Spring, it is the perfect time to fall in love. And no, it has nothing to do with the trees filled with flowers, the birds always singing or with the perfect lighting for romantic walks and walking hand in hand. It’s actually dopamine.

Simply put, this neurotransmitter responsible for the sense of reward makes us want things. Good things, since pleasant experiences stimulate their production. If there is enough dopamine in our body it is quite likely that we fall in love and develop a serious relationship, as it is also responsible for the feeling of attachment. Of course this can happen anytime and at any season but it seems to be more frequent at this time of year. Why? Because dopamine production is triggered by novelty, by new experience. And spring is full of them. Suddenly there are new colors and smells everywhere. We go out more and go to places we did not know or where we hadn’t been in a really long time. We pack winter clothes. And there is much more skin in sight. All of this leaves us filled with dopamine and filled with the desire to find love. Everyone but me, it seems.

Some time ago I was told that they didn’t imagined me too preoccupied and ‘worrying about love”. This made me think. Firstly, because falling in love and being in a strong, stable, happy and healthy relationship is something that I really want, but apparently that’s not what I let out. And secondly because the commentary was made by someone who’s complimenting me and I know why. We can even think about it and envy happy couples on the street, or *sigh*  when watching romantic comedies counting the time that has passed and the time we still have according to the  idiotic timelines we’ve established in our 20’s, but God forbid us to say so out loud! I do not know if it is the same for men and women, but from a feminine perspective, somewhere along the way it became almost forbidden to say “yes, I’d like to fall in love soon” as if this questioned the emancipated, capable and independent image that we both fought and strive to be fairly recognized. We immediately become fools who can’t live without a man, too needy and who only think about marrying and having babies, when the question is not being able or not being able to live without a man or woman, of course we are. The point is to want to share our lives with someone.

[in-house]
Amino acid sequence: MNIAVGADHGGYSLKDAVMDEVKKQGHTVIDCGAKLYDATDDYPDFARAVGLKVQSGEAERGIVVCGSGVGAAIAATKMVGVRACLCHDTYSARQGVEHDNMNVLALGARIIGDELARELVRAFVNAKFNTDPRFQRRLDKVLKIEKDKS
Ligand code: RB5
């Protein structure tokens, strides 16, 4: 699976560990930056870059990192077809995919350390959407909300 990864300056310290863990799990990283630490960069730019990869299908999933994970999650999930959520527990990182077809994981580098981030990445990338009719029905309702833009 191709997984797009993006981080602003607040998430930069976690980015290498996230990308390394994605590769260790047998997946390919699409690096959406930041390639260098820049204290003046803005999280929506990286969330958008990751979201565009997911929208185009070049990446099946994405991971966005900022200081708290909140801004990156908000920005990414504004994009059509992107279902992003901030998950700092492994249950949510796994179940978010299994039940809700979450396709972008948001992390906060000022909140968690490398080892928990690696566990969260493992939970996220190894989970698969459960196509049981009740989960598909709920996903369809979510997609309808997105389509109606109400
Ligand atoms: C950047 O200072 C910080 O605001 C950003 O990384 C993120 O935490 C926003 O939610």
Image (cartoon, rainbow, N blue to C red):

All right, I want to share my life with someone. But with whom? It is true that it can be very difficult to meet someone nowadays and not even dopamine can help us. The reasons are too many and easy to decipher. From a certain moment onwards, life stabilizes. We meet fewer new people, we often go to the same places, friends get married or start living together, and there are fewer and fewer “available” people around us. But is that all? I think not.

Let’s talk about the spread of the species, political or family alliances, convenience, conventions or romantic love. People have always gotten married, gotten together, there is nothing new here. Novelty is the alternative. When there was no other way, when we grew up and then got married because that was ‘what we did’, ‘what was expected of us’, we did not have to want it. Now we have options and that’s good but saying so and assuming it implies some vulnerability and I think that is where our greatest difficulty lays.

We have evolved so much towards the right to choose other forms or formats of life other than the conventional ones, but that does not mean that there is something wrong with wanting the same our grandmothers wanted. If there is a lesson to be drawn from the simultaneously wonderful and frightening times we live in, is that we are all the same and we are all different. We want everyone to be happy but happiness is not universal; it does not mean the same to everyone. For me it means some things, to others it means something else entirely. I can relate to some of it, some of it doesn’t make any sense to me but none should be criticized, none is a crime. A crime is not to go back, not to live in harmony and not to let ourselves be invaded by dopamine, if necessary.

 

This post was originally written in Portuguese. Click here to read the Portuguese version.